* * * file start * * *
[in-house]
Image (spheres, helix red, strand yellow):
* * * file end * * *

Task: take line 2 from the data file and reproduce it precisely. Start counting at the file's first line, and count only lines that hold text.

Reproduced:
Image (spheres, helix red, strand yellow):